Comprehensive Global Korn Ferry Study Shows Only One Third of Executives are Satisfied with Succession Management Outcomes
Key Findings Show Less than One-Quarter say they have a Solid Pipeline of “Ready Now” Candidates and Organizations are Over-Reliant on External Hires
The study and corresponding report point to an alarming rate of dissatisfaction among senior leaders and executives, with only one-third of respondents (36 percent) saying they were satisfied or very satisfied with their company’s succession management programs, and less than one-quarter (23 percent) saying they have a solid pipeline of “ready now” candidates.
“Succession management programs often fail because they’re static,” said
RJ Heckman, president of Korn Ferry’s
The study also finds that more than three-quarters of executives (78 percent) say their organization’s succession management programs only include the title of “vice president” and above.
“There’s significant risk when succession management programs don’t go
deep enough into an organization,” said
The study points to missed opportunity and alienating potential successors as the most significant risks of succession management failure. It also shows that more than half of respondents feel their organizations are not addressing these risks.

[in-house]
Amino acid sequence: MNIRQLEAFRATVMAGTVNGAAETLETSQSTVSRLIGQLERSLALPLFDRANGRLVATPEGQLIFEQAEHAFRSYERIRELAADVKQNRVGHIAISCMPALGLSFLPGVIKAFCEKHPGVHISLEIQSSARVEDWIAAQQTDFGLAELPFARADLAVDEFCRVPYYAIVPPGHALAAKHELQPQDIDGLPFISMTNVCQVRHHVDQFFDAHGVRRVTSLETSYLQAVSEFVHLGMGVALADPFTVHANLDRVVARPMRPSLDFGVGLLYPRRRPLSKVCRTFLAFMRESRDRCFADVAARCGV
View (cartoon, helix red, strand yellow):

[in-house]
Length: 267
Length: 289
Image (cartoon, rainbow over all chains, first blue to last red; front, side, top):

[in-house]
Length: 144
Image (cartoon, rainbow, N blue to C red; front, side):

“Unfortunately, many companies fail to align their talent programs. Employees may be on a succession chart, but those individuals have no relationship to high-potential programs,” said Crandell. “In that case, there are high-potentials who are being identified and may even be going through great development programs, but when it comes to promotions, other people— inside or out— get those positions.”
The study also shows that when looking at filling open leadership positions, most executives feel the right mix of “build” (develop within) versus “buy” (hire outside) should be 2:1. However, the majority still end up going outside more often than they would like to obtain the talent they need.
“The ideal mix of build vs. buy does depend on an organization’s business strategy and its maturity,” said Crandell. “For example, a startup company may have to rely more on buying talent. But no matter the strategy, when companies are over-reliant on external hires, it probably indicates a lack of self confidence in the succession management process and the fact that the program doesn’t go deep enough.”
About the Study
Tracy Kurschner, 612.309.3957